Internet of Things Hackathon

Tech Valley Center of Gravity is hosted an Internet of Things (IoT) Hackathon on Jan 30th & 31st, 2016, powered by AT&T and our awesome sponsors! This was the first of our quarterly hackathons, we had 110 registered hackers, 14 hacks and 26 mentors, judges and spectators.

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Hackathon Recap

Press Coverage

The IoT Hackathon generated alot of media attention before, during and after the event, a partial list of the coverage is below:

Before

The original press release – Composed and distributed by Duncan Crary Communications.

All Over Albany – “Internet of things hackathon at TVCOG” – Dec 11th, 2015

Troy Record  – Dec 17th, 2015

Hackaday – Dec 19th, 2015

IoT Revolution Feature News – “Lets Get Ready to Hack!” – Jan 19th, 2015

M2M Connectivity – By Chrissie Cluny – Jan 19th, 2015

During

News 10 Coverage – Jan 29th – There were 5 spots on News 10, including:

5:30am – Interview featuring Tom Tongue

7:30am – Interview featuring Mayor Patrick Madden

12:15pm –Long piece featuring Jeff Branson, Mayor Patrick Madden and Ed Bergstraesser (AT&T)

WRGB Ch 6 news – About midway through the hackathon – including short clip from Ed Bergstraesser (AT&T)

After

Hackaday – Fantastic article by Dan Maloney!

Makerweb – Coverage of the “Noisy or Nice” team featuring Union College students

Troy Record – Jan 31st – Also from the print: (Page 1)(Page 2)

Times Union – Feb 2nd – Also from the print edition: (Page 1)

Capchips – Feb 2016

Intelligent Product Solutions – Feb 2016

 

IoT Resources

To prime the pump, we gathered some resources (by no means exhaustive) we thought would be helpful for teams and individuals prepping for the Hackathon! They are listed below in case they are still helpful!

General IoT Information

The Internet of Things: Mapping the Value Beyond the Hype – June 2015 –  McKinsey & Co put together a comprehensive overview of IoT application spaces and provide a rich analysis of where value is going to be delivered.

Hardware Platforms

Particle – This hardware platform encompasses the Photon (WiFi), Electron (Cellular), and Sparkfun Photon Redboard, as well as modules that can be designed into custom boards for deployment. The platform uses Wiring, so if you’re familiar with writing code for Arduino, this is going to be very similar.

ESP8266 – WiFi module started out as a Serial-To-WiFi bridge, but is actually a microcontroller which can now be programmed with Arduino using Board Manager, NodeLua, Espressif’s SDK, and a variety of other platforms. There are hundreds of posts on Hackaday showing off projects using the ESP8266. A limited supply of ESP8266’s (ESP-12 breadboard-compatible form factor) will be available for a low cost at the Hackathon, and they can also be purchased from Adafruit or on E-bay. Other resources:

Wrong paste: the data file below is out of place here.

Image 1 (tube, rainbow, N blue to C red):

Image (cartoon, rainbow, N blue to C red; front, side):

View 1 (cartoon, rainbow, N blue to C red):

Neil Kolban’s ESP8266 eBook – Free, though you have an option to provide a donation when you download it. Well worth a read, an exhaustive reference!

Udemy class on ESP8266 – Taught by Thomas Tongue, one of the mentors & judges at the IoT Hackathon.

TI Launchpads – Texas Instruments makes connected launchpad development boards that are supported by Energia, a fork of the Arduino toolchain to support MSP430, Tiva C, Stellaris and other microcontrollers made by TI. The launchpads can be purchased from TI directly, or through vendors such as Mouser.

Arduino – In addition to WiFi shields for the most common Arduino boards, the Arduino YÚN is specifically designed for IoT applications.

Raspberry Pi – With the addition of a WiFi USB adapter, or using the built in wired internet connection, the Raspberry Pi is a complete platform for IoT applications running under Linux and other operating systems. Resources:

10 Raspberry Pi Projects For Learning IoT – Information Week Article from June 2015

Raspberry Pi Project Archive – How others have used the built-in connectivity and processing power of the Pi for IoT.

Software Platforms

Node.js – is an open-source, cross-platform runtime environment for developing server-side web applications. Node.js applications are written in JavaScript and can be run within the Node.js runtime on a wide variety of platforms.

Johnny-Five – Javascript programming framework that works on Arduino, Raspberry Pi, Intel Edison and other platforms.